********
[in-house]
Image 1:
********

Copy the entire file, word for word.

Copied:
[in-house]
Image 1: